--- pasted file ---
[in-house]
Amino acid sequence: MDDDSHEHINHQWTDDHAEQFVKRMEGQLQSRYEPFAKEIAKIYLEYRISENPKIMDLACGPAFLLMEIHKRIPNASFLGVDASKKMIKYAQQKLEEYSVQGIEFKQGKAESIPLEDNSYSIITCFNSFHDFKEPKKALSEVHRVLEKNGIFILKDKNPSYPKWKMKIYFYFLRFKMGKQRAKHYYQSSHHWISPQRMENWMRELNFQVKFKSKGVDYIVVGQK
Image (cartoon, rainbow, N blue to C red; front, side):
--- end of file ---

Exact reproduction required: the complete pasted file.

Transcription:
[in-house]
Amino acid sequence: MDDDSHEHINHQWTDDHAEQFVKRMEGQLQSRYEPFAKEIAKIYLEYRISENPKIMDLACGPAFLLMEIHKRIPNASFLGVDASKKMIKYAQQKLEEYSVQGIEFKQGKAESIPLEDNSYSIITCFNSFHDFKEPKKALSEVHRVLEKNGIFILKDKNPSYPKWKMKIYFYFLRFKMGKQRAKHYYQSSHHWISPQRMENWMRELNFQVKFKSKGVDYIVVGQK
Image (cartoon, rainbow, N blue to C red; front, side):